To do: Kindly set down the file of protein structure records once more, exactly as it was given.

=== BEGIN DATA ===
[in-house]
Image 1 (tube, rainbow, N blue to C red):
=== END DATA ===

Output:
[in-house]
Image 1 (tube, rainbow, N blue to C red):